- Most widely spoken language is Hausa.
- Finding a defining characteristic in any regard for the Chadic languages is difficult due to the sheer amount of contact induced change in each branch. In most languages the 3-way voiced-voiceless-emphatic and in most cases emphatics are either ejective, implosive, or mixed.
- Proto-language has never been fully reconstructed, and any current claims to reconstruction such as those in Thiel (2006) and Thiel (2009) have to be taken with a grain of salt at the best being the languages have not been studied synchronically and diachronically in the same way Semitic or even Cushitic have been.
- Most widely spoken language is Wolaytta.
- This is the only branch of Afroasiatic that is disputed by a minority of linguists to actually not be Afroasiatic, on the basis of surface evidence. General consensus, and even my own personal view, is that Omotic is indeed Afroasiatic and simply has held the longest amount of time since divergence away from “Proto-Afroasiatic”. This branch, nearly in its entirety, exhibits the 3-way voiced, voiceless, emphatic distinction and ejectives are the most common realization with a minority of languages showing a mixed ejective and implosive emphatic inventory.
- There has never been a full fledge reconstruction of the Berber languages to my knowledge, although I will be on the lookouts for such a thing in the future. It’s likely that the Berber languages originated in easternmost North Africa, more recently than many of the other Afroasiatic branches.
- Tuareg is considered to be the most widely spoken language, although if Tuareg is seen as a dialect continuum than standard Tamazight is the most widely spoken.
- Agglutinative morphology and consonant gemination are very distinctive features of the Berber languages. Like most Afroasiatic languages, the 3-way voiced, voiceless, emphatic distinction where pharyngealization is the only realization; although on a side note some Berber languages do exhibit phonemic interdental fricatives and palatal stops which are rare in terms of Afroasiatic as a whole but thrive on the fringes of Semitic and Cushitic, and in many Chadic and Omotic languages.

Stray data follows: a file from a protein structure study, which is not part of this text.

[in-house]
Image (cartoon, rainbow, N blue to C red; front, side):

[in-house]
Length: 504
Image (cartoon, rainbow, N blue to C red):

- Proto-Egyptian to some degree has been reconstructed, but lack of known close relatives has called for interal-reconstruction which in it’s own right can only say so much. Egyptian as we know it in it’s oldest form may have originated sometime before the Naqada III period of Upper Egypt, and may have caused language levelling within the Nile Valley resulting in the phasing out of it’s closest relatives.
- Egyptian is well, not spoken anymore. In it’s current form it is a liturgical language for the Coptic Orthodox Church, although there has been accounts here and there of Upper Egyptians still using the language.
- Not much is known about Egyptian phonology but the morphology is well known and the nonconcatenative morphology so well known for Semitic and Berber languages is well known to have appeared in Egyptian. The 3-way voiced, voiceless, emphatic distinction does exist in Egyptian although there’s no agreement as to how the emphatics were realized; pharyngealization may be the most probable realization though.